Ear Infections are the most common illnesses in babies and young children. Most often, the infection affects the middle ear and is called otitis media. The tubes inside the ears become clogged with fluid and mucus. This can affect hearing, because sound cannot get through all that fluid.
If your child does not yet talk, you need to look for signs of an infection:
- Tugging at ears
- Crying more than usual
- Ear drainage
- Trouble sleeping
- Balance difficulties
- Hearing problems
Often, ear infections go away on their own, but your health care provider may recommend pain relievers. Severe infections and infections in young babies may require antibiotics. Children who get frequent infections may need surgery to place small tubes inside their ears. The tubes relieve pressure in the ears so that the child can hear again.
Can Nose-Blowing Cause An Ear Infection ?
The answer is yes, it most definitely can. When you blow your nose, some of the fluid comes out, while some of it enters the ear through the Eustachian tube. Try instead to take in the mucous and cough it out from your mouth. If you simply must blow your nose, don't close one nostril and blow out from the other. Blow out from both nostrils.
Ear Infection Symptoms
- Symptoms of Ear Infection include:
- Ear pain,
- Fullness in the ear,
- Hearing loss,
- Discharge from the ear,
- Vomiting , and
- Symptoms may follow a respiratory infection such as the common cold.
- Discharge from the ear canal is often caused by the infection known as swimmer's ear (otitis externa). A painful ear with decreased hearing is often the result of otitis media, an middle ear infection.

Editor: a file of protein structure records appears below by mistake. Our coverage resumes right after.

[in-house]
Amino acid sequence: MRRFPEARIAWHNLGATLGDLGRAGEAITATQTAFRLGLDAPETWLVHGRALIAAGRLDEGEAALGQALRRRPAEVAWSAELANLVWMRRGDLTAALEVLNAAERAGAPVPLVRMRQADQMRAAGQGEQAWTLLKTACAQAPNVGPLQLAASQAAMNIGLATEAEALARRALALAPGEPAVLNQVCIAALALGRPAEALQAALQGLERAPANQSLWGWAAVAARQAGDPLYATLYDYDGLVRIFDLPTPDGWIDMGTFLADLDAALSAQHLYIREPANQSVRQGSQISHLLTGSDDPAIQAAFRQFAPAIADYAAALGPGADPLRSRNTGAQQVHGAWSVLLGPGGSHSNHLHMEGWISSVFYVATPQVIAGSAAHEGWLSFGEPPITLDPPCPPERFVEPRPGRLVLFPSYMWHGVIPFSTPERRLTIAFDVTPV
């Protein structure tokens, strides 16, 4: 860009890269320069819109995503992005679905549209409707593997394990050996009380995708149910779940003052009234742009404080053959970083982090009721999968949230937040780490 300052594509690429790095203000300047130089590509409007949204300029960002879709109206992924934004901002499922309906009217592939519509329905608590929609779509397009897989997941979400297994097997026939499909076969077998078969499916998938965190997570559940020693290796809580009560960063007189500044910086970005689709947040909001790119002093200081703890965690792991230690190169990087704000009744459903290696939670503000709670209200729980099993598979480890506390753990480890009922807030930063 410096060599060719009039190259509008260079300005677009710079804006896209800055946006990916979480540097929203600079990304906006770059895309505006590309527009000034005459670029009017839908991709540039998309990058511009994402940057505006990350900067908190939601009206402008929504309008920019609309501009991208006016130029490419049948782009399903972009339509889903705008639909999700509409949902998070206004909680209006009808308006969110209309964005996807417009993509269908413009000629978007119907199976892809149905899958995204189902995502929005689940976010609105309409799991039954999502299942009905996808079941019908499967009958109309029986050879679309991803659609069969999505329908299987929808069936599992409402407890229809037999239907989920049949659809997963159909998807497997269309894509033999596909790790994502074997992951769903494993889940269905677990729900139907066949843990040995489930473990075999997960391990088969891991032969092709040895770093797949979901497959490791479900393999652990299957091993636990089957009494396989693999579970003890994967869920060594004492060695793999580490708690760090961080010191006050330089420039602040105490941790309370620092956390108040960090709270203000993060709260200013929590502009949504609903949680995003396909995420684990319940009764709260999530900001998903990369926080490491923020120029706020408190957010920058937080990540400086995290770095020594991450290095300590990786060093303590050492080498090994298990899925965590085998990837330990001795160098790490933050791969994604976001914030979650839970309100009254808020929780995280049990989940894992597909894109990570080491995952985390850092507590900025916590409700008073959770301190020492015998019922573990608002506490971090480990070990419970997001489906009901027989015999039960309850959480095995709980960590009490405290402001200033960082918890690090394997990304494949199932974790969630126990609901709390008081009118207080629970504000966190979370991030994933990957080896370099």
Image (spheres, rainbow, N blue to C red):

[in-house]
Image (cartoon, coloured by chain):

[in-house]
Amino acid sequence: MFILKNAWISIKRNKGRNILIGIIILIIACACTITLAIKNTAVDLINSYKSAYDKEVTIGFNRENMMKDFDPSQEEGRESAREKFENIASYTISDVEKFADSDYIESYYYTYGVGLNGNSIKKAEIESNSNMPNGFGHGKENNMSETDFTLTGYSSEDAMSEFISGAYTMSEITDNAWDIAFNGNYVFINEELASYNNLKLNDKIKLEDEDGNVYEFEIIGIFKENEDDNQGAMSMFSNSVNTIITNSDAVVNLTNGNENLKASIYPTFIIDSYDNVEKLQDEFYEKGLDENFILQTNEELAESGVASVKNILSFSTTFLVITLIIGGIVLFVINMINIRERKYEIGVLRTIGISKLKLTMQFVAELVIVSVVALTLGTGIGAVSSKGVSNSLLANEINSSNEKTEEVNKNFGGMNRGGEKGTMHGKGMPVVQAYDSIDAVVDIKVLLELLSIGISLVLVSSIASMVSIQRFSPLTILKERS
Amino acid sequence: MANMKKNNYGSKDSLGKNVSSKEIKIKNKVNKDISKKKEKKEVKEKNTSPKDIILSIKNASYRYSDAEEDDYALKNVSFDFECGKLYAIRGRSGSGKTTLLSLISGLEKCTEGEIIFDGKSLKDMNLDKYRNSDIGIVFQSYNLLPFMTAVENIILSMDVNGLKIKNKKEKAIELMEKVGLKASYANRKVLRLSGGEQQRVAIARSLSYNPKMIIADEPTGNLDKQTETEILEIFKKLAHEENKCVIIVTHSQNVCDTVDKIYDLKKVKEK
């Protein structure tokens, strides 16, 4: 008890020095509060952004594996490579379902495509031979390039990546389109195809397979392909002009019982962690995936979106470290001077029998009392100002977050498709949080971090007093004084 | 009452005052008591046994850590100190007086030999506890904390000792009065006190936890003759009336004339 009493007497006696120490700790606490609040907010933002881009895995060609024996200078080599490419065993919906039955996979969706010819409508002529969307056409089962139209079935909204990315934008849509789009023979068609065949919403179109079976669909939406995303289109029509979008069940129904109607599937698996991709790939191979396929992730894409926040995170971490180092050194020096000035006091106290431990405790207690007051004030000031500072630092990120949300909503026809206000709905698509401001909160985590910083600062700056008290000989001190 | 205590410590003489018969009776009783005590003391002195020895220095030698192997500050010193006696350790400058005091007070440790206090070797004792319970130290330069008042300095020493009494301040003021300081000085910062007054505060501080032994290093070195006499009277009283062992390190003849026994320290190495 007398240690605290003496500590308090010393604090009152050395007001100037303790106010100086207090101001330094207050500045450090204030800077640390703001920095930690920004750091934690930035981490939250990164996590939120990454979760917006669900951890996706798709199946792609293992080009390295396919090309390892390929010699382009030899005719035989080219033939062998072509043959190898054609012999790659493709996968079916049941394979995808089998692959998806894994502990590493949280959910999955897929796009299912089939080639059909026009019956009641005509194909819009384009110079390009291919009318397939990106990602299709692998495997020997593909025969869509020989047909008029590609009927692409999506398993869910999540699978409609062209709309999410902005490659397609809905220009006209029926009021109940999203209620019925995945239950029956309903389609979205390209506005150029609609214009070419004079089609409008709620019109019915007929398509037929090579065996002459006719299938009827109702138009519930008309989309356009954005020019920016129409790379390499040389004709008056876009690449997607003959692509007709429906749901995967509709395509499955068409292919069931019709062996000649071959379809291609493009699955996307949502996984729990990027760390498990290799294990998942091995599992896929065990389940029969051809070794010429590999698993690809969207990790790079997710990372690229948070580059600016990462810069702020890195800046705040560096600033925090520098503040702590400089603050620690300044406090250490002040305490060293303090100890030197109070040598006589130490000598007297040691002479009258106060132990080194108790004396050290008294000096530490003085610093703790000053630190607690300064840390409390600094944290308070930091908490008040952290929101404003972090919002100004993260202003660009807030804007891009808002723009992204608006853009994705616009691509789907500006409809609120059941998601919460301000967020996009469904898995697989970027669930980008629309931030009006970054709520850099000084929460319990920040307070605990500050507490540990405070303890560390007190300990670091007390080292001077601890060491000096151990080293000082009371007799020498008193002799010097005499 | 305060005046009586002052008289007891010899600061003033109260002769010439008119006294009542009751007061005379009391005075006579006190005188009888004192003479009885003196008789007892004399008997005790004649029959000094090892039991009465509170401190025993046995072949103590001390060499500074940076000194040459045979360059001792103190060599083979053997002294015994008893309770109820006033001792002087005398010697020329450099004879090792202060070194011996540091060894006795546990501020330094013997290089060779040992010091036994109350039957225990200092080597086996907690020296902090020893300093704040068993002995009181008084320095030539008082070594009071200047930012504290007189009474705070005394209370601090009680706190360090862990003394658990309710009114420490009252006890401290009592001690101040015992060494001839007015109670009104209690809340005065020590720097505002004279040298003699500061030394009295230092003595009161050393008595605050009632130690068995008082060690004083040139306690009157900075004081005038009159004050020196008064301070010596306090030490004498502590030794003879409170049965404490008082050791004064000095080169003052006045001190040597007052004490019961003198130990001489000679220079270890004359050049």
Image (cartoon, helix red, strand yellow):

Ear Infection Treatment
- Rest : avoid further scuba dives, coughing, sneezing, bending, and attempts to equalize the ears.
- Pain may be relieved with 1-2 acetaminophen (Tylenol) every four hours and/or 1-2 ibuprofen (Advil, Motrin) every 6-8 hours.
- Pseudoephedrine (the active ingredient in over-the-counter medications such as Sudafed) 30 mg tablets, one every six hours for 2-3 days, may ease ear pressure. (People with a history of high blood pressure should avoid this product.)
- For infections of the ear canal (otitis externa): neomycin (Ak-Spore HC, Cortisporin, Neotricin HC, Ocutricin-HC), polymyxin B, and hydrocortisone (Cortisporin, Otocort, Poly Otic), two drops in the ear canal four times per day for five days, may also be used.
- If pain occurs, discontinue treatment and seek medical attention.
- Oral antibiotics are usually recommended for discharge from the ear, nose, or mouth. If infection develops, continue antibiotics for at least five days after all signs of infection have cleared.
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